Wednesday, December 28, 2011


Don't be deceived, a fact can be a pretty slippery four letter word.

Word reaches us today of the death of Cheetah, the chimp who featured in the Tarzan movies of the 1930's.  The Suncoast Primate Sanctuary in Palm Harbor, Florida reported that he died at the age of 80 due to kidney failure.  Originally living at the estate of Tarzan star Johnny Weissmuller, he was later the feature chimpanzee at the Creative Habitats and Enrichment for Endangered and Threatened Apes sanctuary and hold the Guinness Book of World Records title of world's oldest non-human primate.

There is only one problem.

He was never in any movie.  He wasn't owned by Johnny Weissmuller.  And he wasn't 80 years old.  At least there is plenty of evidence that seem to indicate that these statements were false.

Thats the trouble with facts - they're pretty hard to pin down sometimes, and a good story will often trump them.

Facts have been showing up more and more in the news lately, particularly as the 2012 presidential campaign heats up, but even in more mundane situations such as product sales.  People can assert anything as a fact, but all too often evidence has been cropping up to the contrary.  Especially in a highly-connected age, more and more people are able to fact check claims that have been made against the public record.  Fact by assertions of authority are no longer taken at face value.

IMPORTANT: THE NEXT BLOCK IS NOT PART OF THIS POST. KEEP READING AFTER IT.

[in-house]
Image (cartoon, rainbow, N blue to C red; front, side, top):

Take, for example, the sad case of Paul Christoforo of Ocean Marketing.  In the middle of dealing (badly) with a customer who was making some pretty basic requests for information, he loudly tossed around his associations with some big names in the Gaming industry and insulted the customer.  The email exchange got out, of course, and the big names pretty quickly disavowed any knowledge of who this guy was.  Not so very factual, it seems.

But even the fact checkers are accused of introducing opinion into the suposed dispassionate world of facts.  Consider Politifact's "lie of the year", for example, and the controversy it has raised.

I was going to end this with the quote from Daniel Patrick Moynihan "Everyone is entitled to his own opinion, but not his own facts", but while looking it up to make sure of the source... I found at least three other attributions for the quote.  Thats another problem with the Internet age - facts can be invented, and then the evidence to justify them created.

Facts aren't as straightforward as they might seem.

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